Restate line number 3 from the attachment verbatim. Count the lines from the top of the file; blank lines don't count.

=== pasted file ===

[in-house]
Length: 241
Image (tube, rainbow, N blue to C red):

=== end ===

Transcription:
Image (tube, rainbow, N blue to C red):